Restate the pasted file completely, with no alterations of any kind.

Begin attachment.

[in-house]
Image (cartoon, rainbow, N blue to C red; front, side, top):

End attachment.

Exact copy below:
[in-house]
Image (cartoon, rainbow, N blue to C red; front, side, top):